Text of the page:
Benefit #1: Data Integrity — The single greatest benefit of centralizing an assn’s data management is data integrity.One of the cardinal rules of database design is that no redundancy is allowed. That is, no piece of data should ever be repeated within the database. When an organization is operating multiple databases for the same group of people (for example, a membership database with a separate meeting registration database), they are by definition breaking this rule.And this leads to major data integrity issues. A centralized database means that each member has one primary record, with primary contact information. Thus when there is a change required (like a new phone number or email address), there is only one place to look to make these changes.
Benefit #2: Valuable broad marketing info/history — With all the information centralized, it is much easier to develop reports that show the broad range of activities that your members are engaged in. With multiple databases, records need to be matched, de-duping needs to occur, and the opportunity for duplicate records is greatly increased.
Benefit #3: Ease of training (it’s the same system for everything) — Another benefit of a centralized system is that the learning curve for users is greatly reduced. If all processes (membership, meetings, products, etc.) are in the same database, then users need only learn one system, not multiple systems.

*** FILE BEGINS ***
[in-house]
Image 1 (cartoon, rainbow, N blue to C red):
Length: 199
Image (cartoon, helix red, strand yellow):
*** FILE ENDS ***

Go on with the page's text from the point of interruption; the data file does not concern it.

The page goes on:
Benefit #4: Support — With a centralized system, support is focused on one product. With many databases, even if they are built on the same platform, separate support is required for each.
What should you do? If you’ve got multiple databases operating in your assn, do whatever is possible to integrate the multiple databases into a single system. There are a wide variety of association management software (AMS) systems available that will manage membership, events, product sales, and much more, all in the same database.
If you already have a centralized system in place, be vigilant about not allowing other “shadow” databases to be created by users. These “shadow” databases could be kept in a spreadsheet, an email system, or another database program. Insist to all of users that they use only the centralized system, so that key data is not missed or lost.
This article originally appeared in Association Trends. Reprinted with permission.